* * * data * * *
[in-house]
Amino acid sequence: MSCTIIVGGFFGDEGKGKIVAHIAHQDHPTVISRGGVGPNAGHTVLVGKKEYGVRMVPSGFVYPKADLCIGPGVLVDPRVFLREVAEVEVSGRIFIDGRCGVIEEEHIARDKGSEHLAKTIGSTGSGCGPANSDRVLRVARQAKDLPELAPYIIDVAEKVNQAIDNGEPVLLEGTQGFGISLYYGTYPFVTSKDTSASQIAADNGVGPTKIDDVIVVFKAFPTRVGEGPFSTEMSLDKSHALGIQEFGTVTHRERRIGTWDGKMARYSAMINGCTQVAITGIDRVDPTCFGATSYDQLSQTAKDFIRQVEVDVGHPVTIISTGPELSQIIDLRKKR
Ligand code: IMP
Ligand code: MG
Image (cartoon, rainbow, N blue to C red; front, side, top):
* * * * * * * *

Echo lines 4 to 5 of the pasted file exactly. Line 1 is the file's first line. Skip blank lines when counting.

Ligand code: MG
Image (cartoon, rainbow, N blue to C red; front, side, top):